Rain, rain, and more rain, but it’s not that cold. Passers by are not rugged up, and nobody is hurrying along. An older couple, holding hands, stopped to look through the window. He asked, ‘Want to go in?’
She said, ‘Well, no. Not really.’
They continued walking. When I came out my door a little later, they were further down the road going very slowly hand in hand and not minding the steady rain. They were looking around at everything. They both wore thongs and they stopped to look down at a puddle and talk about it.
I watched them cross the road and get sprayed by a passing car and laugh about it.
A customer asked for a copy of The High Cost of Living by Marge Piercy and published by The Woman’s Press. I don’t have it, but I’m interested in it because everything published by The Woman’s Press is excellent. So now there’s two of us need a copy.
I read another chapter of A Little Life by Hanya Yanagihara; a Hawaiian author new to me. It was recommended, and it’s brilliant.
People are sitting outside the bakery, enjoying the warm day and talking very loudly. Here are the topics I’ve overheard so far: the dam in Echunga, the price of fuel, the rain coming next week, where to buy tickets to the Strathalbyn show, why Coles have put their Christmas decorations out already, and if the trains are running this weekend. Two men also discussed heart surgery and how their mate, who isn’t there, ‘isn’t seeing the whole picture’.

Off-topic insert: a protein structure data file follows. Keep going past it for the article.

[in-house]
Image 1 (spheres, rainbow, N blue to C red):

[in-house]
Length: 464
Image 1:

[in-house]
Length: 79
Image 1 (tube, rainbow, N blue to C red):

It’s warm today. Short sleeves and older people in caravans put on sun hats to go to the bakery. It’s the October Labour Day long weekend, a celebration of the eight-hour working day won for us in the 1850s.
Motorcycles are passing in long noisy chains.
Robert came in for Mysteries of the Dreaming, but it hasn’t arrived. He said about Labour Day that people will celebrate anything as long as there’s a drink in it.
A man came in and asked if I sold tickets to the Strathalbyn show, but I don’t.
A family came in and bought all my Eragon books and one DK Book Of Flight.
Two ladies came in, turned around and left immediately. One said, ‘See you when I’ve got my glasses.’
Someone wanted Anne Cleves mystery books. A family came in needing tickets to the Strathalbyn show. A man outside told someone on his phone that there was no way he was returning to that construction site.
I gave directions to the art gallery (across the road), the public toilets (across the road) and a good pub (up the road and around the corner).
A dog urinated under my window. It saw me through the window but just kept doing it anyway.
I sold a copy of Seven Little Australians. Then I went outside to stand in the sun and feel good.